The Charles Martel Group (French: Groupe Charles-Martel, also Club Charles-Martel, Cercle Charles-Martel, Commando Charles-Martel) was a French far-right anti-Arab terrorist organization which operated in the 1970s and 1980s. It was named after Charles Martel, the Frankish military leader who defeated the Umayyad invasion of Gaul at the Battle of Tours in 732.

Charles Martel Group
Groupe Charles-Martel
Dates of operation1973 (1973)–1987 (1987)
Active regionsPrimarily Paris and Marseille
IdeologyFrench nationalism
White nationalism
Political positionFar-right
Notable attacks
SizeUnknown; no one has ever been arrested in connection to the group

Their attacks were primarily centered on Algerian properties or businesses and also aimed at the Algerian government. This stemmed from the near decade long Algerian war fought between France and Algeria after World War II between 1954 and 1962. Algeria had long been a colony of the French and saw other colonized nations gaining their independence, mainly from Great Britain. This among other factors led to a war that included acts of brutality, torture and guerrilla warfare. The result was an independent Algeria but a tremendous amount of hostility remaining between the two nations. What added insult to injury for French citizens was at the end of the decade when migrants from Algeria began to migrate north and settle in the French countryside.

Choosing Martel as the namesake of the radical group stems from his successful defense of the then Frankish Kingdom over a thousand years prior.

There have been other groups with similar interests to that of the Charles Martel Group in and outside France. A terrorist organization targeting the French government for supporting the Algerian independence movement popped up using a similar name in the 1960s before the radical group came together. This original group never got around to acts of violence. A Charles Martel Society has formed in America with some radical overtones, but it too seems to be a non-violent group.[1]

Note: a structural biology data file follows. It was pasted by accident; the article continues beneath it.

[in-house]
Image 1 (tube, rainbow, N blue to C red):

Attacks Edit

Historians differ on when the group actually formed. Some do not credit the first attack to this group as they have the group coming together in 1975. However, since this attack targeted Algerian offices and killed Algerian migrants it is associated with the group.

These were two separate attacks on the same day, yet it appears they were done more as a scare tactic as nobody was injured in either attack. This gives merit to the argument that the first attack years earlier was an independent group. Bombing the offices of the major airline of Algeria would seem to infer that the next step would be a hijacking or bombing of an actual airline.[2]

  • 10 April 1975 - Car bomb explodes outside the Algerian consulate in Paris. No one was hurt. Claimed by the Charles Martel group as a protest against the French President's visit to Algeria.[3]

An openly admitted attack by the group. For the first time since granting Algeria their independence, the French head of state, at this time Valery Giscard-d'Estaing, was making a visit to the former colony. Relations had not been going well and the Algerians were upset at many things, including prior terror attacks, The French president made a bold move by going. This outraged the radicals and led to a minor incident.

  • 24 December 1976 - The Charles Martel Group claimed responsibility for the assassination of Jean de Broglie in Paris. De Broglie had been one of the negotiators of the Évian Accords which helped end the Algerian War.[4] However, French police alleged that de Broglie's murder was arranged by his financial advisor, Pierre de Varga, in order for de Varga to avoid repaying a debt to de Broglie. De Varga was sentenced to 10 years in prison for his role in the murder.[5][6]